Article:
Nuestra Delta Mágica: Settler Imaginaries & Community Resistance

Words by Josue Ramirez
Edited by Abigail Vela

Art and cultural productions have been integral for the City of Brownsville officials to introduce and normalize astro-capitalist values in the municipality. Art celebrating the idea of New Space City Brownsville is applauded, while anything critical of Musk, his foundation, and his company is cast aside or not given the same platform. Despite this, many artists have voiced their concerns and thoughts through their work and creative productions since Brownsville rolled the red carpet for SpaceX. Until recently, however, the many dissident artistic voices have not had a space to be viewed collectively. 


Nuestra Delta Magica: Settler Imaginaries & Community Resistance is a two-month-long exhibition curated by Monica Sosa and Nansi Guevara that will “investigate untold South Texas history of land settlement, addressing racial and environmental injustices happening in the Rio Grande Valley.”


Sosa says it is an example of the narratives that local artists can create and put together, given the resources. In addition, the exhibition is one of the first to directly counter and speak against the encroachment of the astro giant. In comparison, exhibitions that support and carry a pro-SpaceX message have had multiple viewings in the city and have even been featured at the Brownsville Museum of Fine Art. 


Contra Corrientes y Narrativas


Opening in the heart of downtown, the exhibition is in the shadow of the BTX Mural, which can be seen from the door of the come dream. come build.’s office space.

This exhibition is bilingual with English and Spanish labels and organized into three sections: “Settler Imaginaries,” “Community Resistance’ and “La Delta Mágica.” These overarching themes examine the historical and modern impact of land exploitation and environmental challenges in South Texas.

Sosa, the co-curator, sees the exhibition as “an action and an opportunity to open up discussion with locals, with people who may be interested in coming into this space and aren’t fully aware this is an opportunity to learn together and share truth.” Archival images, articles, and academic writings will be on display to demonstrate the history of the region and the early 20th-century “colonizer gaze of the borderlands.”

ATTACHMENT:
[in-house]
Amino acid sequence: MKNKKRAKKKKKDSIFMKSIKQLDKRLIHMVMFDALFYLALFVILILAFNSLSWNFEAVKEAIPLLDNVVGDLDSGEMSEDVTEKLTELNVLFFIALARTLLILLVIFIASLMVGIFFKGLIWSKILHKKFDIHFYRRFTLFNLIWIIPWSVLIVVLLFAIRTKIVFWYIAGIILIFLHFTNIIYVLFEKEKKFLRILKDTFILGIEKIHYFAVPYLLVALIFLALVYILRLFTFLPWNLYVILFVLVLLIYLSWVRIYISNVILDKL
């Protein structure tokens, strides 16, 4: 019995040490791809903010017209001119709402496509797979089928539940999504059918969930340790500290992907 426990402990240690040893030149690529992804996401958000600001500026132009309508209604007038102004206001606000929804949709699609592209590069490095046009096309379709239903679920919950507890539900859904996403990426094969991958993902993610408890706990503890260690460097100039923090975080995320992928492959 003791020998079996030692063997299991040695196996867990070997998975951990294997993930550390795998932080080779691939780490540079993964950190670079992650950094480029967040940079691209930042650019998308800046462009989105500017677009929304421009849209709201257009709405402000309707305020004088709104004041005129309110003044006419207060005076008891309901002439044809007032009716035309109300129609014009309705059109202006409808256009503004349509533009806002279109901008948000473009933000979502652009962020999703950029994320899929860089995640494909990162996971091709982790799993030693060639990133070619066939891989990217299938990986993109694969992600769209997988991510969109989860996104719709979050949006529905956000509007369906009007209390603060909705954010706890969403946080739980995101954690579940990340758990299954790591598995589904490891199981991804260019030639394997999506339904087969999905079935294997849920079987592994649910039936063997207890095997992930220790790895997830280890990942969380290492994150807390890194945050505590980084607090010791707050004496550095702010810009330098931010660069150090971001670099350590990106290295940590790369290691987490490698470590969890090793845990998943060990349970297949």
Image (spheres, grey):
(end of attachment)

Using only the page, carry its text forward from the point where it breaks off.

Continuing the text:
As a counter, the section Community Resistance highlights the work of six border artists creating work in response to environmental colonization. Featured artists include myself (Josue Ramirez), Anel Flores, Futuro Conjunto, ENTRE, Tony Briones, and Xandra Treviño.


ENTRE, a community archive and film center, will contribute a self-service oral history recording station for visitors to record their Boca Chica Beach stories and memories. In addition, they will exhibit a short experimental film of Boca Chica. The film includes “field recordings and film eco-processed using water from the area where the mouth of the Rio Grande empties into the Gulf of Mexico, native plants, sand, and seashells.”


Futuro Conjunto, a multimedia collaboration between Jonathan Leal and Charlie Vela, imagines what is now the Rio Grande Valley in the distant future. The project is a collaboration between the creators and over 30 local creatives who provided artistic and voice talent.  A full-length album is part of the offering, but the project is vast and a world unto itself— A not-so-far flung take on the Rio Grande Valley and an extension of Chicanx futurism. 


For Guevara, many of the works in the exhibition are futurist. However, compared to the Aztec-centered iconography and utopian visions of what some think of when the term Chicanx futurist is mentioned, these pieces do not idealize space or technology but react to their imposition. 

At the heart of the exhibition is to affirm the beauty, abundance, intergenerational history, and what Guevara calls “hard history.” The last section, La Delta Mágica, is a collective response to the exhibit and the emotions and memories it evokes.

Nuestra Delta Magica: Settler Imaginaries & Community Resistance is an opportunity to examine previous misconceptions, question harmful border narratives, and activate a space for community members to collectively craft, define, and redefine our own identities as fronteriza/o/xs.

The exhibit will be on view from April 1 to June 1, 2023, and is free and open to the public.